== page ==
Bob Dylan's Pal
Published March 31, 1985

Fond du Lac, Wisconsin, radio announcer and production manager John Bucklen recalls February, 1961, St. Paul, Minnesota. His best friend from high school, a year older than Bucklen, announces plans to hitchhike to New York City.

"So you wanna come with me"? asks the friend.

The adventure is tempting. He almost gives in, but talks himself out of it.

The friend's name is Robert Zimmerman. Bob Dylan.

"No, I have no regrets about it," says Bucklen, between takes of a commercial he's putting together. "But I've always been kind of curious to know how things would have turned out if I'd gone out there with him."

Young John and young Bob met in a grade school of the northern Minnesota town of Hibbing, pop. 17,000. They had become close pals as teenagers, drawn together by a mutual interest: rhythm and blues music beamed from clear-channel station KTHS, Little Rock, Arkansas. James Brown, Chuck Berry, Little Richard.

Their favorite deejay was a mean, black-sounding dude by the name of Gatemouth Page. John once sent in for a record catalog that Page was hawking. The brochure featured a photo of brother Gatemouth, who, Bucklen was startled to discover, "turned out to be this wimpy, Swedish-looking white guy!"

Bob would harangue John with every new R&B record he'd bought or tune he'd taught himself to play.  "He knew a few basic guitar chords then," Bucklen notes, "but his real instrument was the piano . . . In about eighth or ninth grade, there was an assembly, a talent show. Bob piled his hair up on top of his head and played standing at the piano like Little Richard.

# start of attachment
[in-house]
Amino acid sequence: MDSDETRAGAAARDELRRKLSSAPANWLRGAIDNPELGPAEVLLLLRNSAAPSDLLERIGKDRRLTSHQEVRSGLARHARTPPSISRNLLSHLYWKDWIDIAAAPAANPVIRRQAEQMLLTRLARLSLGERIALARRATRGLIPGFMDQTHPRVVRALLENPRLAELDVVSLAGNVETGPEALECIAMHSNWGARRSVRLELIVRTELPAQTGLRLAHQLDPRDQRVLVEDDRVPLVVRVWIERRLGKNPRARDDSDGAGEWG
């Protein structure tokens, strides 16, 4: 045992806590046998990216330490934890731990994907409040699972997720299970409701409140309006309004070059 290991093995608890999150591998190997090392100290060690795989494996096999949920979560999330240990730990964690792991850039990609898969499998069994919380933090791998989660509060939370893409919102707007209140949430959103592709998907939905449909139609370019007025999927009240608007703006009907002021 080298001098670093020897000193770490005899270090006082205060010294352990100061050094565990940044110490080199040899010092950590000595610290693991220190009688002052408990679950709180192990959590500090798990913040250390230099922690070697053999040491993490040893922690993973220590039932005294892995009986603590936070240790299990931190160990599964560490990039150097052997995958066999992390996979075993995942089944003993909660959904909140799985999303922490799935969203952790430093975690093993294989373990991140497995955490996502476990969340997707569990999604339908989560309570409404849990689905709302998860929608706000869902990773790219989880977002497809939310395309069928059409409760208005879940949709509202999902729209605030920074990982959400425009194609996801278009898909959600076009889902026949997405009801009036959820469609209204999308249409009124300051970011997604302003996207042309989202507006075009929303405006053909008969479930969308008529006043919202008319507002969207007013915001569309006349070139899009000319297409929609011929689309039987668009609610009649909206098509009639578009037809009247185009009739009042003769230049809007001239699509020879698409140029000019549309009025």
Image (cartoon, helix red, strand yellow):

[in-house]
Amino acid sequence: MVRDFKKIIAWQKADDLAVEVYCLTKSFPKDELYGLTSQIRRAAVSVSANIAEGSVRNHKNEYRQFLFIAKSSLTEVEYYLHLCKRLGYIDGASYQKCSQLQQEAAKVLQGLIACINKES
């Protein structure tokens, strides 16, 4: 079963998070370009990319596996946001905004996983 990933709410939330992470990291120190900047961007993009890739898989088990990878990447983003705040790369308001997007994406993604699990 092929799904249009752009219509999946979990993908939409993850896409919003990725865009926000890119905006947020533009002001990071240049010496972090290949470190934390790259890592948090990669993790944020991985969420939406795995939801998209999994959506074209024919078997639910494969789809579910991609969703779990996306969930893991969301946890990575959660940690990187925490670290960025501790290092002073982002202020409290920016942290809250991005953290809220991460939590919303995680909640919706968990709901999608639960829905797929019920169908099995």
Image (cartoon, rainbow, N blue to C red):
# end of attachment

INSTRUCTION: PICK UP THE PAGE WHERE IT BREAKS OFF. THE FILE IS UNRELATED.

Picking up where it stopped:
"Half the people there thought he was good and to the other half he was the funniest thing they'd ever seen in their life. I admired him because he had the guts to do what he felt like. Can you imagine trying to get across black soul music to white teenagers in Hibbing, Minnesota, in 1955?

"He'd call me up on the phone and say, 'Hey, I want you to hear this song I just wrote, It's really good.' So, I'd listen and (grin) -- he didn't write it. The point is, on some of them he was full of bull, but some of them he did write. I couldn't always tell the difference."

                                                 Blue Cap Fever

John and the budding international icon then entered their "Gene Vincent phase," lip-synching "Be-Bop-a-Lula" and wearing Vincent's trademark blue caps, much to the amusement of poppa Abe Zimmerman. (The visored cap was to reappear during Dylan's early folk career.)

Bucklen continues. "Soon after, we started a couple rock groups; used to play the Armory and other places. We were the Rockets and then the Satintones. 'The Satintones' were a rock group! Oh man . . .

"Bob was the go-getter. He just dragged us along, as far as getting things done. He even got us on TV, a Duluth station. He just went down there, knew the right people, called them up; he didn't care. I think that was largely responsible for the success he eventually achieved in the music business."